Updating Best Practices to Achieve a “State of Good Repair”

ISO-55000 guidelines should help with improved asset management for infrastructure projects

By Kevin Price

Despite the media spotlight, campaign rhetoric, Federal Transit Authority (FTA) mandates, and a plethora of federal grants awarded, the current state of the U.S. infrastructure is still concerning. While agencies have set “State of Good Repair” as their target, often the path is littered with failed attempts and obstacles impeding true progress.

Turning to ISO-55000 will provide the sound methodology agencies needed, particularly by transit agencies, to create a process that is reliable and scalable.

Defining the Problem

It seems the flurry of infrastructure initiatives, from grassroots awareness campaigns to federal legislation, have been a proverbial “drop in a bucket” compared to the need. Conversations with stakeholders often reveal that many transit agencies are still struggling to forge new policies, break out of the old reactive modes, and leverage technology to make the State of Good Repair attainable.

Barriers to Overcome

Lack of awareness and top-tier backing to support technology investments are potential roadblocks to overcoming this challenge. Additionally, early efforts to create condition-assessments criteria and conduct audits proved to be complex and time- consuming to set up. The lack of underlying strategies may have added to the confusion in the past and may continue to stall adoption of ISO 55000 guidelines.

What is ISO 55000?

The FTA turned to the International Standards Organization (ISO) to help set recommended best practices for achieving State of Good Repair – ISO 55000 was the result. Agencies were given ample time to ramp up new processes, meet State of Good Repair targets, and develop Transit Asset Management plans, as legislation dictates.

A Closer Look at Six Critical Steps to State of Good Repair

Deploying ISO 55000 will promote good asset management processes and help public transit agencies align their resources with the needs of the community they serve. This strategic approach will help align multiple stakeholders, from the executive level to those who schedule maintenance and the technicians who are dispatched to the field.

1. Create Asset Inventory

Agencies need to start with the basics of capturing a complete list of every asset, no matter how small, seldom used, or remotely located. A modern Enterprise Asset Management (EAM) solution will help organize the assets by groups of data: unique identification, classification, start of lifecycle date, estimated useful life, and replacement cost estimate.

2. Identify Projects

An asset’s condition, based on inspection, age, criticality, and risk, will determine its priority for repair or replacement. Analysis tools can help transit agencies assess their repair backlog and determine the investment needed to achieve compliance. Rating scales are assigned to assess the probability of failure, with assets approaching zero as they reach the end of their scheduled useful life.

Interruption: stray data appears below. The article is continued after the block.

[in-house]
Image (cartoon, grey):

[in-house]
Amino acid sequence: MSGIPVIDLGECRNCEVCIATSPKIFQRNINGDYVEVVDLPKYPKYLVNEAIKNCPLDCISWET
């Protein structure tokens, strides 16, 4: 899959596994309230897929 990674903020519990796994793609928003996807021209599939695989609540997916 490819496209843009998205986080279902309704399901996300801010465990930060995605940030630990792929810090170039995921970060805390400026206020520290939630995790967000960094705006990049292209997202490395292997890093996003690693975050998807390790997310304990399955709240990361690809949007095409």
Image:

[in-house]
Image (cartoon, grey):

3. Define Prioritization Criteria

The transit agency needs to determine the impact of an asset failure. The American Public Transportation Association has created a Capital Asset Inventory and Condition Assessment, which classifies each asset into one of five groups based on its ratio of age to useful life. By cataloging and tracking each asset, it is easier to monitor status ranking to set priorities.

4. Prioritize Projects

Some technologies provide a capital planning request feature that allows you to define and view your compliance backlog, sorted by priority and category, to determine where it makes the most sense to focus.

5. Model Investment Effects

Instead, modern maintenance practices such as condition-based or performance-based assessment will provide a more holistic view. Advanced analytics can help assess when failures are likely to happen. Artificial Intelligence (AI) and predictive data science can help anticipate the next likely data points, based on historical trends and algorithms.

6. Develop Five-Year Capital Improvement Plan and 20-Year Capital Plan

With reliable asset data available, the agency can then formulate a strong capital improvement plan, which takes into consideration available capital, grants, or other revenue sources. The plan can be shared with stakeholders, reassuring constituents that resources are being optimized for the public’s best interests.

The aging U.S infrastructure has been the subject of debate for years. Technology is the great enabler, turning tedious number- crunching into data-driven insights. Deploying the sound principles of ISO 55000 will help agencies manage assets with greater efficiency, pleasing the various stakeholders, from agency executives to citizen constituents.

Kevin Price is the Technical Product Evangelist & Product Strategist for Infor EAM. He may be reached at www.infor.com.

Leave a Reply

This site uses Akismet to reduce spam. Learn how your comment data is processed.